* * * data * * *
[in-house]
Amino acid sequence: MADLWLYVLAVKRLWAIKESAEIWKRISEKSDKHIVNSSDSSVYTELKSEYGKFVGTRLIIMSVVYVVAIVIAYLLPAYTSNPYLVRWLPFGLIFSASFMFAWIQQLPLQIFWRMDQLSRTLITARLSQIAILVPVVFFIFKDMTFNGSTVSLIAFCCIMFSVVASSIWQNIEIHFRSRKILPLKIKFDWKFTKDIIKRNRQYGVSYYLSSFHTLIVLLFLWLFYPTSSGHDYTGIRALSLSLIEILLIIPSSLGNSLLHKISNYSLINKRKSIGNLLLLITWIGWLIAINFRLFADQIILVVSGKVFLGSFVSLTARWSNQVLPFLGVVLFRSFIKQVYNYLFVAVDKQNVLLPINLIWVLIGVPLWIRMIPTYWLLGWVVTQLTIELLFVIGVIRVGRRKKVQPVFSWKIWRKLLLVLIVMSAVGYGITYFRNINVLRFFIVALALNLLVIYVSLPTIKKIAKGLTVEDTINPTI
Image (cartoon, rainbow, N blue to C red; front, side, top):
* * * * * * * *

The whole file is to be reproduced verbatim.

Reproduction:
[in-house]
Amino acid sequence: MADLWLYVLAVKRLWAIKESAEIWKRISEKSDKHIVNSSDSSVYTELKSEYGKFVGTRLIIMSVVYVVAIVIAYLLPAYTSNPYLVRWLPFGLIFSASFMFAWIQQLPLQIFWRMDQLSRTLITARLSQIAILVPVVFFIFKDMTFNGSTVSLIAFCCIMFSVVASSIWQNIEIHFRSRKILPLKIKFDWKFTKDIIKRNRQYGVSYYLSSFHTLIVLLFLWLFYPTSSGHDYTGIRALSLSLIEILLIIPSSLGNSLLHKISNYSLINKRKSIGNLLLLITWIGWLIAINFRLFADQIILVVSGKVFLGSFVSLTARWSNQVLPFLGVVLFRSFIKQVYNYLFVAVDKQNVLLPINLIWVLIGVPLWIRMIPTYWLLGWVVTQLTIELLFVIGVIRVGRRKKVQPVFSWKIWRKLLLVLIVMSAVGYGITYFRNINVLRFFIVALALNLLVIYVSLPTIKKIAKGLTVEDTINPTI
Image (cartoon, rainbow, N blue to C red; front, side, top):